I "learned" safety fitting by replacing a sock safety, so I had a model. With the parts kit, you really need a manual. Even if you pull the safety from another 1911, the safety cust may be in dramatically different places and angles, because of tolerance stacking and manufacturing differences.

    Sounds intimidating, but it isn't bad, just take your time. BTW, while you have it open, insert a mag in the well, and make sure your trigger bow doesn't rub on the mag. That can be 1/3 of a good trigger job.

  3. #3
    VIP Member Array Rob72's Avatar
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    Add: The "block surface" is that little nub that goes into the frame, in front of the pivot pin.

    Also, it will be easier if you begin the fitting to allow the safety to be "on" first (ie, move into the upward position to block the hammer and sear. If you get to the point where slightly forceful pressure slides the safety to full engagement, make a couple more very light passes with the file or stone, and you should be there.

    After that, drop the safety, and see if you can pull the trigger. Usually, you have to take a bit off the backside of the safety block to allow the hammer and sear enough room to move in the "off" position.

  4. #4
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    When you do an assembly you do not pin the MSH in right away.
    You should slide it on up to keep the leaf spring in place and get the end of the hammer strut properly positioned on the mainspring.
    The Thumb Safety can only be inserted when the hammer is in the fully cocked position.
    So you need to get something really thin & firm to slip under the Thumb Safety to push the plunger into the plunger tube while you wiggle the Thumb Safety into place.

    After the thumb safety is in.....you you cock the hammer....that sort of slides the unpinned mainspring back down....then you pull the trigger while depressing the grip safety and ease the hammer all the way forward.

    That is when you slide the mainspring housing up into position.
    Make sure the hammer strut is inside and on the mainspring cap.
    and depress the grip safety enough to get it under the mainspring flange.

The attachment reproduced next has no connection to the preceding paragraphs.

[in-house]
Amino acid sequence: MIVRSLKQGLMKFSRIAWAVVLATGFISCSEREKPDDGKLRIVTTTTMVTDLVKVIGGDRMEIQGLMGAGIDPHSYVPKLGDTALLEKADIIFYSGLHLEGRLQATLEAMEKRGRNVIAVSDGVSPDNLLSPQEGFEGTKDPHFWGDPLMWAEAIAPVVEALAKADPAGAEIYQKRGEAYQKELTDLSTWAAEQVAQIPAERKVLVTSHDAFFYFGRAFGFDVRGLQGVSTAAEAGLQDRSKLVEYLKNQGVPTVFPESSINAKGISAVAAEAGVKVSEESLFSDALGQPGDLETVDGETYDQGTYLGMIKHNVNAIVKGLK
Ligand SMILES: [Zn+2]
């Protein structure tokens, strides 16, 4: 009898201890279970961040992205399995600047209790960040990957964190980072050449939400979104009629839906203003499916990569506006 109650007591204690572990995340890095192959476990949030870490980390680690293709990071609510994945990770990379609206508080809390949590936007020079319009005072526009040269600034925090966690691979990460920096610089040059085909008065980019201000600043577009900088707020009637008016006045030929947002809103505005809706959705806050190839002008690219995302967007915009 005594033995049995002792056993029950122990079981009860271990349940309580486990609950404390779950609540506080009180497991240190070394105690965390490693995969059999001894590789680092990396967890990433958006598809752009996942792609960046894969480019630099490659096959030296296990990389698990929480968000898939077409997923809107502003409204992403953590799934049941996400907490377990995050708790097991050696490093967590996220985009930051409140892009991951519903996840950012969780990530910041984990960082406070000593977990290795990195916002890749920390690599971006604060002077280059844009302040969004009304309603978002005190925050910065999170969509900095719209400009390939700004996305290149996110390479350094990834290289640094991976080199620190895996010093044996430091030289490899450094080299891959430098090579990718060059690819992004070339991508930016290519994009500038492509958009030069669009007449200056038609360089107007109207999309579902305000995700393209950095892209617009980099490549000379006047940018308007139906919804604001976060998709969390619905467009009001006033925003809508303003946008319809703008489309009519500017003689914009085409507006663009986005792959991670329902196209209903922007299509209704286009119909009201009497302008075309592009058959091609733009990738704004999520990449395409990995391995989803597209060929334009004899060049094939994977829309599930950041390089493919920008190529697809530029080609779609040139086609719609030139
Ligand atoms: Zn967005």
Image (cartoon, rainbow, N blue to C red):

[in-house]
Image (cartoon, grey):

The last thing you do is push up on the the mainspring housing a tiny bit while at the same time tapping in the pin with something non-marring.

    Now...if your Thumb Safety is stuck and your hammer is all the way back - and everything else is in place properly....then that only can be one thing.

    That is that the Thumb Safety is not always a "drop in" part.

    It is wedged in tight & what you will need to do to get it back out - is get a small piece of sheet brass or copper - anything that you can fold over the Thumb Safety flange to protect it....so that you don't chew it up....and use some vice grips or some pliers and pull and wiggle the Thumb Safety back out again.

    Once you get that done...since the Thumb Safety needs to be fit...we'll cross that bridge after you get it back out again.
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  5. #5
    Distinguished Member Array kazzaerexys's Avatar
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    Memo to self: "fitting 1911 parts" does not mean making them fit better, it means making them fit at all!

    Okay, first lesson in 1911 home gun-smithing learned.

    Honestly, I knew some fitting would be necessary and this was my first attempt at putting the pieces together to see how well they fit out of the box before I went back and tried to make them better. Guess I am going to learn more on my first build than I expected...

    Anyone recommend a good set of stones/files for this job?
    “What is a moderate interpretation of [the Constitution]? Halfway between what it says and [...] what you want it to say?” —Justice Antonin Scalia

    SIG: P220R SS Elite SAO, P220R SAO, P220R Carry, P226R Navy, P226, P239/.40S&W, P2022/.40S&W; GSR 5", P6.

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    VIP Member Array Rob72's Avatar
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    How advanced do you want to go?

    I've used these for "eyeball polish".
    SHAPED CERAMIC STONES at Brownells

    Here's the right way to do it (the Series II is a more versatile investment):
    SERIES I STONING FIXTURE at Brownells

    A decent set of needle files, and a 4" or 6" fine cut file is what I would recommend for "primary" fitting.